• Atrial fibrillation (A-fib): the most common type of irregular heart rhythm occurring due to disorganised signalling. This happens when the upper two chambers of the heart, known as the atria, contract so quickly that the heart walls fibrillate, resulting in a loss of normal rhythm. If left untreated, A-fib can lead to major heart problems such as stroke and heart failure. According to a study, A-fib is a major cause of morbidity and mortality, with nearly 5 million global incidences.2
  • Atrial flutter: similar to A-fib, the heart beats faster, but the rhythm is much more organised. Atrial flutter can also be associated with stroke complications.
  • Supraventricular tachycardia (SVT): also known as proximal supraventricular tachycardia, is an irregular rapid palpitation that begins and may stop abruptly in the atria. Supraventricular means ‘’above the ventricles’’.
  • Ventricular fibrillation (V-fib): a serious (read “life-threatening”) type of arrhythmia in which the ventricles twitch rapidly due to disorganised electrical activity. People with V-fib might have serious complications because of insufficient blood flow in the body.
  • Ventricular tachycardia (V-tach): irregular signalling in the lower chambers of the heart, causing them to beat too fast to adequately pump oxygenated blood to the body. As a result, the heart is unable to supply blood to the body.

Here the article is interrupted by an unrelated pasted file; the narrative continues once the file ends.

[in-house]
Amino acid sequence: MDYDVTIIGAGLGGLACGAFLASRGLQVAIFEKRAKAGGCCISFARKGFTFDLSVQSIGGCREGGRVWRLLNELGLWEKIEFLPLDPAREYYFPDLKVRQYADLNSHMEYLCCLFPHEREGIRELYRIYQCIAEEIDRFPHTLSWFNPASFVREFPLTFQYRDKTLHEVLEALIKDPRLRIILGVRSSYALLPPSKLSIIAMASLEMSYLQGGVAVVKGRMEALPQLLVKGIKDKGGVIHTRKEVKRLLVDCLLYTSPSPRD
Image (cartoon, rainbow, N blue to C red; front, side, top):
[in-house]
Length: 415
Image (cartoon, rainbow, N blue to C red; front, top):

Types of bradycardia include:

  • Sinus node dysfunction: also called sick sinus syndrome, a slow heartbeat caused by sinoatrial (SA) node dysfunction.
  • Heart block: a delay or conduction blockage in the heart’s electrical pathway that triggers a slow heart rate and sometimes even stops it.
  • Premature heartbeat: also called premature ventricular contractions, occurs when there are extra heartbeats in the lower chambers of the heart that disrupt the heart rhythm. PVC is common and often feels like skipping a heartbeat.


Common symptoms of an arrhythmia may include:

  • Rapid palpitations.
  • Pounding sensation in the chest.
  • Dizziness.
  • Shortness of breath.
  • Chest discomfort.
  • Unusual fatigue.
  • Fainting (syncope).

Causes and Risk Factors